JOURNAL ARTICLE
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Relapsing polychondritis: Best Practice & Clinical Rheumatology.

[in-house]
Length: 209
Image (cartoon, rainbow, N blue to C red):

Relapsing polychondritis (RP) is an uncommon inflammatory disorder that predominantly targets cartilaginous structures. The disease frequently affects the nose, ears, airways, and joints, but it can also impact organs that aren't primarily cartilage-based, such as blood vessels, skin, inner ear, and eyes. Given its infrequent occurrence and recurrent symptoms, patients often experience delays in proper diagnosis. Lately, based on the organs involved, the disease's diverse manifestations have been categorized into specific clinical groups, based on the most likely organ involvement including auricular, nasal, pulmonary, and musculoskeletal. More recently the discovery of a new disease, called (Vacuoles, E1 enzyme, X-linked, Autoinflammatory, Somatic) VEXAS syndrome, due to mutations in UBA1 gene, identified the cause of 8 % of the patients with a clinical diagnosis of RP. VEXAS is likely the cause of a previously described "hematologic subgroup" in RP. This discovery is proof of concept that RP is likely more than one disease (Beck et al., Dec 31 2020; Ferrada et al., 2021). People diagnosed with RP face numerous hurdles, with the quality of their lives and overall prognosis being affected. Diagnosing the condition is particularly challenging due to its fluctuating symptoms, the absence of specific markers, and the lack of universally recognized classification criteria. For a correct diagnosis, it's imperative for healthcare professionals to identify its unique clinical patterns. Moreover, there are no approved metrics to gauge the disease's severity, complicating patient management. This review seeks to equip clinicians with pertinent insights to better diagnose and attend to these complex patients.

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